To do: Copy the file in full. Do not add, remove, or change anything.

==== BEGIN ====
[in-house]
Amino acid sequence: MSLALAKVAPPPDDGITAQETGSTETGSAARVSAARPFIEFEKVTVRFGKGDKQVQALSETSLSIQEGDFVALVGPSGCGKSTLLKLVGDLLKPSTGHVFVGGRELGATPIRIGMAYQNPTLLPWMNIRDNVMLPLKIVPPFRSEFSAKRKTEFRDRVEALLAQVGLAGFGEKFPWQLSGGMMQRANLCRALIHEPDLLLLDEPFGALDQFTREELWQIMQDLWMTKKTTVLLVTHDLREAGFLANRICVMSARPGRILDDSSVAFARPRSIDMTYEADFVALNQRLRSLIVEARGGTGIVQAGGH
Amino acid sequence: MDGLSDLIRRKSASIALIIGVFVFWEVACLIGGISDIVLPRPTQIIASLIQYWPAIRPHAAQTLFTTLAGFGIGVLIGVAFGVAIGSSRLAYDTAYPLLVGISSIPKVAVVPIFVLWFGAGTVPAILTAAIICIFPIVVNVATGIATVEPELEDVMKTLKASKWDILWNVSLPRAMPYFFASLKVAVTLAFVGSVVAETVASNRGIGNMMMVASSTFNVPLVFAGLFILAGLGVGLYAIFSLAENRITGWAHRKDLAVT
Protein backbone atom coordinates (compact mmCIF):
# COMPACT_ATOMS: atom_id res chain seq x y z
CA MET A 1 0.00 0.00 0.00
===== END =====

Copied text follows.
[in-house]
Amino acid sequence: MSLALAKVAPPPDDGITAQETGSTETGSAARVSAARPFIEFEKVTVRFGKGDKQVQALSETSLSIQEGDFVALVGPSGCGKSTLLKLVGDLLKPSTGHVFVGGRELGATPIRIGMAYQNPTLLPWMNIRDNVMLPLKIVPPFRSEFSAKRKTEFRDRVEALLAQVGLAGFGEKFPWQLSGGMMQRANLCRALIHEPDLLLLDEPFGALDQFTREELWQIMQDLWMTKKTTVLLVTHDLREAGFLANRICVMSARPGRILDDSSVAFARPRSIDMTYEADFVALNQRLRSLIVEARGGTGIVQAGGH
Amino acid sequence: MDGLSDLIRRKSASIALIIGVFVFWEVACLIGGISDIVLPRPTQIIASLIQYWPAIRPHAAQTLFTTLAGFGIGVLIGVAFGVAIGSSRLAYDTAYPLLVGISSIPKVAVVPIFVLWFGAGTVPAILTAAIICIFPIVVNVATGIATVEPELEDVMKTLKASKWDILWNVSLPRAMPYFFASLKVAVTLAFVGSVVAETVASNRGIGNMMMVASSTFNVPLVFAGLFILAGLGVGLYAIFSLAENRITGWAHRKDLAVT
Protein backbone atom coordinates (compact mmCIF):
# COMPACT_ATOMS: atom_id res chain seq x y z
CA MET A 1 0.00 0.00 0.00